In cases where an individual comes in contact with a live electrical conductor, do not touch the equipment, cord, or person. Also, disconnect the power source from the circuit breaker or pull out the plug using a leather belt. Always stay calm to avoid making the situation worse.
When equipment produces a “tingle,” disconnect it and report promptly for repair.
Do not rely on grounding to hide a defective circuit nor attempt to correct a fault by inserting another fuse or breaker-- especially one with a larger capacity.
Always drain capacitors before working near them and keep the short circuit on terminals while on work, in order to prevent electrical shock.
Don’t ever touch another person’s equipment or electrical control devices unless instructed to do so.
Avoid anyone from accidentally touching with all electrical contacts and conductors by enclosing them. Do it always if applicable. Otherwise, be very careful.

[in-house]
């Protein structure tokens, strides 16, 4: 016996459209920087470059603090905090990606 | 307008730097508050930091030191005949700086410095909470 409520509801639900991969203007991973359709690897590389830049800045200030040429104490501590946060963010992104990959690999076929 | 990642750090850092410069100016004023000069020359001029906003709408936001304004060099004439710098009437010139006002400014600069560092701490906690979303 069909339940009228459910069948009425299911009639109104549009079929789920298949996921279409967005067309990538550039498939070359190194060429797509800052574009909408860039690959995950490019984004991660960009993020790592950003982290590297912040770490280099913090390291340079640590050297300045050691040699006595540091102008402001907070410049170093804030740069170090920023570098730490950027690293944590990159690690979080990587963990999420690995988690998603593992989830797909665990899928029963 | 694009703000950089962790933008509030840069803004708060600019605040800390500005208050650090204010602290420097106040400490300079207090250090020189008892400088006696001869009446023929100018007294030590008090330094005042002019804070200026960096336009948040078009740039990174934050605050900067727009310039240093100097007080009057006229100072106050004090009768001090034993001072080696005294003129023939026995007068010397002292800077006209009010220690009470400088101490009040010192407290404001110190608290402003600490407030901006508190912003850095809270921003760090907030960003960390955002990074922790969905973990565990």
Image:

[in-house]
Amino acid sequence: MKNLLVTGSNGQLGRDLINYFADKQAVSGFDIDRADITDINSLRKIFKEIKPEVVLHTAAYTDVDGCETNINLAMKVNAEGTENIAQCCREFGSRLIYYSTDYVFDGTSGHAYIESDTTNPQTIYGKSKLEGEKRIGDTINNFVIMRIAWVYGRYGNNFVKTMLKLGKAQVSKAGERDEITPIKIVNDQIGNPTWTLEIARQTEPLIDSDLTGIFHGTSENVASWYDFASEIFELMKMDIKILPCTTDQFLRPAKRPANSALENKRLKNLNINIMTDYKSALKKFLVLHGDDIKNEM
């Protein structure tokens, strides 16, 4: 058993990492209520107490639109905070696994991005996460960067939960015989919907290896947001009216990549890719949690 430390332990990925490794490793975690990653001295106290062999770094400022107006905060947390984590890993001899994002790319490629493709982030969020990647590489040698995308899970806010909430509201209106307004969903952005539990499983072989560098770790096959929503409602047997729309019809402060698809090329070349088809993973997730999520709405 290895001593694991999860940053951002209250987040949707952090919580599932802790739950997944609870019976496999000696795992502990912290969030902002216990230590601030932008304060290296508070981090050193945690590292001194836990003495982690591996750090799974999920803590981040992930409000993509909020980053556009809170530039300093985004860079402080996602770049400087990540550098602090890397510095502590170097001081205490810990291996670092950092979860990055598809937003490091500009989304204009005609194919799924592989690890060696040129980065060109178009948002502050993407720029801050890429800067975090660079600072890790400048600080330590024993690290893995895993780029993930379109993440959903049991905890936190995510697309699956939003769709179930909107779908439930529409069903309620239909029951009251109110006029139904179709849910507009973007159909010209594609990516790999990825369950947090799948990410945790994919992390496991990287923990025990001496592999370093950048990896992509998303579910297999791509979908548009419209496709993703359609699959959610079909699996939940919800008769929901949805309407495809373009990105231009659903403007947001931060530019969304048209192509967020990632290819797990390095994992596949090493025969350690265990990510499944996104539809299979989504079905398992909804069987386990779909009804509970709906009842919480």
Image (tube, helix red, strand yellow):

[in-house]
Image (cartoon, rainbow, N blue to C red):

When your hands, feet, or body are wet or perspiring, or when standing on a wet floor, avoid handling electrical equipment. Remember always to wear gloves and shoes.
When touching electrical equipment is necessary, use the back of your hand in order to avoid “freezing” to the conductor if an accidental shock were to cause muscular contraction.
Never store highly flammable liquids near electrical equipment.
Always be aware that interlocks on equipment disconnect the high voltage source when a cabinet door is open. However, power for control circuits may remain turned on.